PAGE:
Is Your Sunscreen Working? 4 Ingredients to look for when you make your next purchase.

Is Your Sunscreen Working? 4 Ingredients to look for when you make your next purchase.

 

It’s that time of the year when we need to be especially careful about applying our sunscreens. Ultraviolet exposure is the predominate factor in aging. Research shows that 80-90 percent of extrinsic aging comes from sun exposure. UV exposure leads not only to skin cancers, but wrinkles, brown spots, capillary damage, and collagen and elastin deterioration. Sunscreens need to protect against both UVB and UVA rays. UVB rays are those that give us sunburns and tans, while UVA rays are known as the "aging rays". They penetrate much deeper into the skin and can even penetrate through glass! This is why it’s important to wear sunscreen even when you’re just going to be in the car. You should always wear “broad spectrum” sunscreen, meaning it protects you from both types of rays. Unfortunately, the SPF rating only applies to UVB protection. At this time, the FDA does not require UVA ratings on products. A system has been designed to rate UVA protection, but has yet to be implemented. Look for it on products in the near future.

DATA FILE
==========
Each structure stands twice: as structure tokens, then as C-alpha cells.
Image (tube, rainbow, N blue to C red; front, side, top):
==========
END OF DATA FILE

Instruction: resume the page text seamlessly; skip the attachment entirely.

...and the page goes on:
When purchasing sunscreen this summer, look for these ingredients, which protect against UVA rays:

  1. Avobensone (Parsol 1789)
  2. Mexoryl
  3. Zinc oxide, and
  4. Titanium Dioxide

Avobenzone can sometimes pose a problem due to instability, but formulas containing zinc and/or titanium provide the best coverage against both UVA and UVB rays. These are now formulated to give fabulous coverage without the white chalky look of the past. Use of sunscreen daily is the easiest and least expensive anti-aging treatment. If you can prevent now, you don’t have to treat later. Let our skin care specialist help you choose a sunscreen that contains these vital ingredients. She can suggest one that gives you broad spectrum protection and also feels good on your skin. If you have any medical conditions, always consult with your doctor before beginning a new skincare regimen.

 

- Laser Specialist Judy Paredes, L.M.E.

Comments are closed.